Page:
About the Indigo Cultural Center

Help Me and Let Me Help You

Our Vision

We envision socially and racially just communities that promote strong, nurturing families and healthy child development.

Our Mission

Indigo Cultural Center is committed to the study of culture, the enactment of culture, the celebration of culture, and using the strength in one’s culture to promote social justice and racial equity.

Since it’s founding in 2007, Dr. Eva Marie Shivers and our team at Indigo Cultural Center have integrated the following values into everything that we do:

  • Strength in Relationships – whether we are investing in human capital through strengthening our internal relationships or client relationships, Indigo recognizes the need to have strong, flexible and mutually beneficial relationships in all aspects of our work in order for relationships to work as a catalyst for change.
  • Sustainability through Personal Growth – we truly benefit from using the strength of all of our team members, value individual growth and professional development, and strive to create a space that allows all voices to be heard.
  • Innovation through Racial Equity and Organizational Introspection – this value speaks not only to our continuous efforts to “walk the talk” and value equity through out our own organization’s structure, it also recognizes our vision for becoming a leader in racial equity training and consultation.

Indigo’s values, and even logo, are continuously inspired by an Adinkra symbol that means “Boa Me Na Me Mmoa Wo.” This symbol has deep-seeded roots in Ghana and is traditionally seen in artwork; its meaning translates to “help me and let me help you.” As a symbol of cooperation and interdependence it is a visually appropriate representation of our organization and of our work.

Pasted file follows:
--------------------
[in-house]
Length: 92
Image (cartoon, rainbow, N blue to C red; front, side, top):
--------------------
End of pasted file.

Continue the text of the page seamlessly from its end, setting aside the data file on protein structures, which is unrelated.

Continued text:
Indigo Cultural Center Annual Report – 2022

Annual Report on the Indigo Cultural Center for the 2022 Fiscal Year

From our Executive Director

“This year, Indigo Cultural Center turns 16 years old. As a developmental psychologist, I can’t help but consider Indigo through the lens of human development and to think of Indigo as my child – something I gestated and birthed when I relocated to Arizona 16 years ago. I held and nurtured almost every aspect of Indigo for a very long time, and now, with a strong leadership team in place, Indigo is thriving and flying into a bright future.

Our organization is finding its wings and its way in the world without my helicopter parenting. This theme of letting go is also present in our organizational culture. We are intentionally practicing ‘radical community care’ as inspired by the Black Liberation Movement (e.g., Rest is Resistance; The Nap Ministry).

As many of you know we believe that without “inner change there can be no outer change” (Rev. angel Kyodo williams Sensei). We are coming to a fuller and deeper understanding that our way of doing business at Indigo must parallel the social justice work we support throughout the infant and early childhood professional community. That is, in order to position ourselves as harbingers and supporters of the social justice, anti-racist movement in our field, we must “be the change.”

In this report, you will find the many voices that have nurtured the growth of Indigo to what it is today. Won’t you join us? Join as an individual or organizations authentically embracing liberatory practice. Let’s all shine together. Happy birthday, my dear, sweet Indigo. My most sincerest birthday wish is for you to continue to find your wings and fly……”

View our latest annual report on the Indigo Cultural Center